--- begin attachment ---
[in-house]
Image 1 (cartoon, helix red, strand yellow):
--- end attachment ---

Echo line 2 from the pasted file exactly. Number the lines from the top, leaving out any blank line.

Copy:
Image 1 (cartoon, helix red, strand yellow):